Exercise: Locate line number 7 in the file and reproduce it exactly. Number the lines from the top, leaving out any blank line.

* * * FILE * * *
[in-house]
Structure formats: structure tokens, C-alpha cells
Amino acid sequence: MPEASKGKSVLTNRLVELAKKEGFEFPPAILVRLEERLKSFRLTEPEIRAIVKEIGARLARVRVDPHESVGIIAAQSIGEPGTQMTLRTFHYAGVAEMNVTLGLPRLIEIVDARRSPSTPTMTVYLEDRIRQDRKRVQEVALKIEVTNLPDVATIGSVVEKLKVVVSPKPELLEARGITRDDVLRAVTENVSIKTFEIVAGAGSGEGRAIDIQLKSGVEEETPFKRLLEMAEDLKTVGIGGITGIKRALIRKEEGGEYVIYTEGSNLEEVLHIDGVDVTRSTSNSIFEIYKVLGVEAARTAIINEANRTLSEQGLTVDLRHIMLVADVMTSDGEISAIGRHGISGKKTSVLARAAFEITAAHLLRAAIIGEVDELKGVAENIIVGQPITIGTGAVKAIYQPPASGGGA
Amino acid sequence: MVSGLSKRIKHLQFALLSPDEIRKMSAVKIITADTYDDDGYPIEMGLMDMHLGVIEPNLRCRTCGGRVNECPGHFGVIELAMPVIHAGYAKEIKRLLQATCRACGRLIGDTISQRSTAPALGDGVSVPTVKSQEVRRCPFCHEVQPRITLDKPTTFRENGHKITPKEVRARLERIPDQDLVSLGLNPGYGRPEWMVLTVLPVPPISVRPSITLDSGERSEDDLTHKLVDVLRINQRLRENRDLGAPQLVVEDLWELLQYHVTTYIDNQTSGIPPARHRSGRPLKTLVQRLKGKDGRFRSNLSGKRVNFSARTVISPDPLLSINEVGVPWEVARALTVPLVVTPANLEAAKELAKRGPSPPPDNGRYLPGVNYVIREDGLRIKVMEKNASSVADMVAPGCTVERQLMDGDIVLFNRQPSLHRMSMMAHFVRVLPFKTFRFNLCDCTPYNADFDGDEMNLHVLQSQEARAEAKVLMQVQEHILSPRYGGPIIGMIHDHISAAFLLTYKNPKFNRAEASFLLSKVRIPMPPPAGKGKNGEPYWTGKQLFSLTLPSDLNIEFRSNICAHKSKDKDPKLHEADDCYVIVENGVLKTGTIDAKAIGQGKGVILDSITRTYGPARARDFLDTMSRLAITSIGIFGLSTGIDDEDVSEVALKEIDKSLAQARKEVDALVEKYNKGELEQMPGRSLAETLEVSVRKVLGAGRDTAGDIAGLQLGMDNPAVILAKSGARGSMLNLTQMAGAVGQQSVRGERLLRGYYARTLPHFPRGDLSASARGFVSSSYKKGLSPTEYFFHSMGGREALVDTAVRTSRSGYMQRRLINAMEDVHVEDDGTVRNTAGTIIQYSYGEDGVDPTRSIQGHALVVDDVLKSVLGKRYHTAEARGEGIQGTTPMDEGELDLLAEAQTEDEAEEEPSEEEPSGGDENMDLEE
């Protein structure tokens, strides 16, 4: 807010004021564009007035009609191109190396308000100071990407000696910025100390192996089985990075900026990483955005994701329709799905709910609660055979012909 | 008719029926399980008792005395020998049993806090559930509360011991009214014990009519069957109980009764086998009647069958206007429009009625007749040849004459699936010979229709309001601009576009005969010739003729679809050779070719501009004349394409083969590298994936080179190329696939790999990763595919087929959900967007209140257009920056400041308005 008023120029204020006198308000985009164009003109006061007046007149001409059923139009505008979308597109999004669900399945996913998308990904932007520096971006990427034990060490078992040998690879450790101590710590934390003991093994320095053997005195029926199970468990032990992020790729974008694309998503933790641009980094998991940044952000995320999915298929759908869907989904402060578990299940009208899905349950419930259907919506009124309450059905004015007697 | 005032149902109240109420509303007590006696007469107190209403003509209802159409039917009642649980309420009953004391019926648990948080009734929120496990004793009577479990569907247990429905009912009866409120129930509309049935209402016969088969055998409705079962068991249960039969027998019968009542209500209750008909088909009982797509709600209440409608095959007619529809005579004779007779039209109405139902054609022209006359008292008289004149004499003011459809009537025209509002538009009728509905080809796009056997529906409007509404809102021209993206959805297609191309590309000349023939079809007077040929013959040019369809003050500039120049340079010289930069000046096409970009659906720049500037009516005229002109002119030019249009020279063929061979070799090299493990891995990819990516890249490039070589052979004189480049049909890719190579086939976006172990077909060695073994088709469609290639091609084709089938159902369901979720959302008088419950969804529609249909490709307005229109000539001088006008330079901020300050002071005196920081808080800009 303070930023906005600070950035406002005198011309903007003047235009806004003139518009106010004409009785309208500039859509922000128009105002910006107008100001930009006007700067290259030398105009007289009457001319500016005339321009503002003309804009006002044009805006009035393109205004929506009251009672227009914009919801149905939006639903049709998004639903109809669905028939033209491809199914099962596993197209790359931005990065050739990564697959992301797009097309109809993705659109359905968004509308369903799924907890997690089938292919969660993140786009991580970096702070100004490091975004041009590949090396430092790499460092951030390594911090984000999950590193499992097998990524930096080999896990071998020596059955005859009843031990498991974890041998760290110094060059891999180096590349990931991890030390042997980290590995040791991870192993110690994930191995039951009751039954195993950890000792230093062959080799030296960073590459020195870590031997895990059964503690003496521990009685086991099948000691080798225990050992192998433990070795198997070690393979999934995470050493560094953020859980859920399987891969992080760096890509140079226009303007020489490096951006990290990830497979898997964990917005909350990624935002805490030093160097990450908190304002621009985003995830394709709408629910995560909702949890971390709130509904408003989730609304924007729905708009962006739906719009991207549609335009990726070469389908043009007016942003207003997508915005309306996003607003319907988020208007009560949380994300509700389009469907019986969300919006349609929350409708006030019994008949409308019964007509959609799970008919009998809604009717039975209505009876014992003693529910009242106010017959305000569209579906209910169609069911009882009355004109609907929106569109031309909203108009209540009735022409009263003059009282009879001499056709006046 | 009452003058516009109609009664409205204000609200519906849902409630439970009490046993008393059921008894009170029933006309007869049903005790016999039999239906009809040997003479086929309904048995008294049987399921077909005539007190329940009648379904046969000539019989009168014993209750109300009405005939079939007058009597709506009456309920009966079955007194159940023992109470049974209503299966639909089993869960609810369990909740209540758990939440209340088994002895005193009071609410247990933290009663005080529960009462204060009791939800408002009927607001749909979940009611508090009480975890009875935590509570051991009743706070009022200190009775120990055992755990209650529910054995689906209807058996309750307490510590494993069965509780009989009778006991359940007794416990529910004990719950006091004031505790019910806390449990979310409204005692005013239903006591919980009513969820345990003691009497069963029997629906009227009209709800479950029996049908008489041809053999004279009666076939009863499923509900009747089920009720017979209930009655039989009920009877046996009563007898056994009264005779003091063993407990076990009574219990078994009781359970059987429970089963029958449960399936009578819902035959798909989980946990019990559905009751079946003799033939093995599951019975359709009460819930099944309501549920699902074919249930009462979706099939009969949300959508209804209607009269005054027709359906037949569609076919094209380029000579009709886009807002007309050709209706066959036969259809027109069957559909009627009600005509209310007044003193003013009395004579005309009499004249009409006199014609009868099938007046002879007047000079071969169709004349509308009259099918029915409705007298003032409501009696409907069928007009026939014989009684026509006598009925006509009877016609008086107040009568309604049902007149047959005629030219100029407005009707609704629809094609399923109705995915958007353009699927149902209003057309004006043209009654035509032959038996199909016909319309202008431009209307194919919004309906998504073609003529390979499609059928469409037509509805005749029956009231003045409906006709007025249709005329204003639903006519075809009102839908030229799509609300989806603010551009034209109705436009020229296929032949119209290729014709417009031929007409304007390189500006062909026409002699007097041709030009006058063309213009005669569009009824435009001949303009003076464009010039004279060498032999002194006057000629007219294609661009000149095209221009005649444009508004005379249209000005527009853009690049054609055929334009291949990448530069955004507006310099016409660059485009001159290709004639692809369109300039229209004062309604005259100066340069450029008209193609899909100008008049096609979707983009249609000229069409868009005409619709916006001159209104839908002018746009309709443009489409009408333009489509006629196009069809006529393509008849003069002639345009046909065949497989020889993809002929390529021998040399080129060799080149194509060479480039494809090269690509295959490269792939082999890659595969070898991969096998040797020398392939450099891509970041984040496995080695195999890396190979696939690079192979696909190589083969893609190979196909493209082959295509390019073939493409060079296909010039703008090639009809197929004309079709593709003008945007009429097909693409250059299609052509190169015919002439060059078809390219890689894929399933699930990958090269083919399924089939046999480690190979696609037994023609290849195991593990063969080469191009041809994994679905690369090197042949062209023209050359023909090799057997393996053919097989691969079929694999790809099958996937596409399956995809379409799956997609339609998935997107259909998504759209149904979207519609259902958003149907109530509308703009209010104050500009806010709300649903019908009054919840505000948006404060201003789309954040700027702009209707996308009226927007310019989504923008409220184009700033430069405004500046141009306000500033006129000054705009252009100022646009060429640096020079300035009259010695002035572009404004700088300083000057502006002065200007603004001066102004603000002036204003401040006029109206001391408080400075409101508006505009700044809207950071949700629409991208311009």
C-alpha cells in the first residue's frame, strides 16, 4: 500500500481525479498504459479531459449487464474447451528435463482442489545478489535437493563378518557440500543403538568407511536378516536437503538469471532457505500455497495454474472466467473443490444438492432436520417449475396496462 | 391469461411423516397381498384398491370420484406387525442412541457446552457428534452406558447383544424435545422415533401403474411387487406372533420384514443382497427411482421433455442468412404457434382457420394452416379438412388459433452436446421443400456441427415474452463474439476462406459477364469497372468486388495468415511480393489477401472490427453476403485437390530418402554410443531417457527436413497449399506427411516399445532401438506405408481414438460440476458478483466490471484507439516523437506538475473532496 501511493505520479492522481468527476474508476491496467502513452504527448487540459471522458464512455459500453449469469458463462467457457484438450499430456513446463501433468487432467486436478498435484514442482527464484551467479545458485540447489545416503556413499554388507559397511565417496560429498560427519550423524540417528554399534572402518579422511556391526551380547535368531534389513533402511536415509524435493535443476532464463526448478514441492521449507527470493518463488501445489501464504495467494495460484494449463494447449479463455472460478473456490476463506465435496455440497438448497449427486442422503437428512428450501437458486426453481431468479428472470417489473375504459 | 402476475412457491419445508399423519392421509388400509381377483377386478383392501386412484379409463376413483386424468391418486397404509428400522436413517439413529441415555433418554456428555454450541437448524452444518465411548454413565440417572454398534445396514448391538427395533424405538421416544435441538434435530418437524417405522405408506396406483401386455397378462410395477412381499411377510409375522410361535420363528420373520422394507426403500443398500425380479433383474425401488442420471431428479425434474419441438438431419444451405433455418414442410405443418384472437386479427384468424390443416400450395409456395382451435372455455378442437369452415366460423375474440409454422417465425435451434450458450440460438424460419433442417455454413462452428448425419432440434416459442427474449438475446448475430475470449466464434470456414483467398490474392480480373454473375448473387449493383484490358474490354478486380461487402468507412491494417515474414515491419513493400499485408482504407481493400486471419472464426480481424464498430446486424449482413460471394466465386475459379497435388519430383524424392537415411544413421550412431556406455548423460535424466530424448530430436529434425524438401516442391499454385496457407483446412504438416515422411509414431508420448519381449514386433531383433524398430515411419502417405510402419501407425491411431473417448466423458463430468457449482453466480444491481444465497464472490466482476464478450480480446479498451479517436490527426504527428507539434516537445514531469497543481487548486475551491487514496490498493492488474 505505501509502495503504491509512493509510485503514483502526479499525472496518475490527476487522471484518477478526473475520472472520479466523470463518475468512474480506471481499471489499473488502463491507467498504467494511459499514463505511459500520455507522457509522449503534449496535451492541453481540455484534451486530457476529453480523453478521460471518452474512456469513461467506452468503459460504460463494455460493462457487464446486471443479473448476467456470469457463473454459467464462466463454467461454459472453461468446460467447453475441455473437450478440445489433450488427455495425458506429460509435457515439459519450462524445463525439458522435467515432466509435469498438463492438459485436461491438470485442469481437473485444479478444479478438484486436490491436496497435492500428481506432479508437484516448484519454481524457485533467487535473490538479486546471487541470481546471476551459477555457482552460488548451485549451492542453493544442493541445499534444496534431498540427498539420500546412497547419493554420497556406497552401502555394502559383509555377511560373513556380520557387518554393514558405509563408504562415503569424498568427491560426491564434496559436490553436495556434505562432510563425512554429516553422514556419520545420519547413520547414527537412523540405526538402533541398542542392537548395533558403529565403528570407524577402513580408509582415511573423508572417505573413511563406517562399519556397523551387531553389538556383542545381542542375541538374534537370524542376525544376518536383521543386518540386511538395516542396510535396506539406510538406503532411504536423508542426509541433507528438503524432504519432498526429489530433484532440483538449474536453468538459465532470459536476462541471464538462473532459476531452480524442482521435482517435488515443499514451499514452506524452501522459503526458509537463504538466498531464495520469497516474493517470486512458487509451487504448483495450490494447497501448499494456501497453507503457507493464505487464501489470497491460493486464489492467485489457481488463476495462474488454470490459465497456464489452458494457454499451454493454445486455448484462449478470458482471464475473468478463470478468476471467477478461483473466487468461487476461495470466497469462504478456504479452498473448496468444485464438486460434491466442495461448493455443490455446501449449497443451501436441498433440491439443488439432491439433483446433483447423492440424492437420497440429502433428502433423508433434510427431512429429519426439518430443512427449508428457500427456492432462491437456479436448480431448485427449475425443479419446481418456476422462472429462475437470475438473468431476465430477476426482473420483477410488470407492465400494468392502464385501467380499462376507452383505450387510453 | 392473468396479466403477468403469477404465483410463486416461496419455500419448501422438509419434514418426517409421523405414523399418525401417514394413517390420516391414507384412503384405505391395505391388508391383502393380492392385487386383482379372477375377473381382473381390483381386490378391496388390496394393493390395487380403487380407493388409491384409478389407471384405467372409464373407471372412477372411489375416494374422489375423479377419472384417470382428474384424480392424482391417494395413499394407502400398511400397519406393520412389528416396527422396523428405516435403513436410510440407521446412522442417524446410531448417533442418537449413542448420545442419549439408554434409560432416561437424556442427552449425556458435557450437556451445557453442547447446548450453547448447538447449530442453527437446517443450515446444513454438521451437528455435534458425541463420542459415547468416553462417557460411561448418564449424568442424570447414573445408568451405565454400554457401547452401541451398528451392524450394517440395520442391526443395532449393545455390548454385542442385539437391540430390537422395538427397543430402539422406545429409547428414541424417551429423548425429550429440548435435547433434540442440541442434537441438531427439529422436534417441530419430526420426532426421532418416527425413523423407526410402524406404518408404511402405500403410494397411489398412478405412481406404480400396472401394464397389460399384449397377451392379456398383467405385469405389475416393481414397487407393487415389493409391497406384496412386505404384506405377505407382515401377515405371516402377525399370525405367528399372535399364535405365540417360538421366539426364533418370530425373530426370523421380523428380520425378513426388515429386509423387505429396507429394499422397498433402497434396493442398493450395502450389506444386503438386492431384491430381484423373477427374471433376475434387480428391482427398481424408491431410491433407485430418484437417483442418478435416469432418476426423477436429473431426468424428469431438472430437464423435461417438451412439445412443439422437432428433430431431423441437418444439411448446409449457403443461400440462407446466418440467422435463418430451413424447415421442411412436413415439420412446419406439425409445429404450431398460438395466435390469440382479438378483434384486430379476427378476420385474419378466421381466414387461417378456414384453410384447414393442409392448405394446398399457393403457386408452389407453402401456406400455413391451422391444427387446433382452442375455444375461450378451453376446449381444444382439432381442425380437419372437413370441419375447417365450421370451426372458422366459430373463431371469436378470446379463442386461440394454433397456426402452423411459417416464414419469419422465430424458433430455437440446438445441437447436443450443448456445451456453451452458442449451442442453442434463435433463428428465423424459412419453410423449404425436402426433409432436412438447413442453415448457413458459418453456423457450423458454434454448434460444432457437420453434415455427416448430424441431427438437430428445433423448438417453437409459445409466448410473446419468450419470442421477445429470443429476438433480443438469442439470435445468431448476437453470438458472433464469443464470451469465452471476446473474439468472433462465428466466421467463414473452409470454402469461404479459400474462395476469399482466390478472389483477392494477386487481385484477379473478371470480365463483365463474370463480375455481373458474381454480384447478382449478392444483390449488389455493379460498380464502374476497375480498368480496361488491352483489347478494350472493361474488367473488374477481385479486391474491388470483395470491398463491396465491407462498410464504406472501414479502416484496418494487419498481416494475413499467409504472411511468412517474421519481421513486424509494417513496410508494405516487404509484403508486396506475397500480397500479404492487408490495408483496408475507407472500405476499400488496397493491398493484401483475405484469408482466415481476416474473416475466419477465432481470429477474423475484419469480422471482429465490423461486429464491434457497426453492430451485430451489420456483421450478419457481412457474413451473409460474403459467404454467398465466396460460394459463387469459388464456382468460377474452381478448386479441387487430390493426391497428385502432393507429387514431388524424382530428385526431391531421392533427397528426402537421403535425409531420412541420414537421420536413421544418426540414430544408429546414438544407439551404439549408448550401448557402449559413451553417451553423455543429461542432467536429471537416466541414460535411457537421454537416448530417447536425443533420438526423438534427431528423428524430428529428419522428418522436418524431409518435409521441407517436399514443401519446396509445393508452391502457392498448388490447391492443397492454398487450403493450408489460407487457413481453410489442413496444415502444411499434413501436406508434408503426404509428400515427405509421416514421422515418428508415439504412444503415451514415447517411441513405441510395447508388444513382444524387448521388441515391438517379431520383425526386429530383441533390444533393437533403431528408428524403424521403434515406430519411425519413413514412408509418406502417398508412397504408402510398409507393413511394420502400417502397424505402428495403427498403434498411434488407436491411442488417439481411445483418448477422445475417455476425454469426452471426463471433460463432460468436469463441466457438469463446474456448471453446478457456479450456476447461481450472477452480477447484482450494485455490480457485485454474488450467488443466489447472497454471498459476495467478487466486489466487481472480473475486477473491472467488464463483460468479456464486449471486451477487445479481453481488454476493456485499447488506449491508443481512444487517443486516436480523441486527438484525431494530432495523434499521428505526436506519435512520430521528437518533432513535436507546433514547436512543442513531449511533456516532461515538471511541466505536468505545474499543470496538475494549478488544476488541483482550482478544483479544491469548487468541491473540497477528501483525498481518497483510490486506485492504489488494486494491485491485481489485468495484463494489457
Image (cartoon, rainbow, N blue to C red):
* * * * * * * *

Image (cartoon, rainbow, N blue to C red):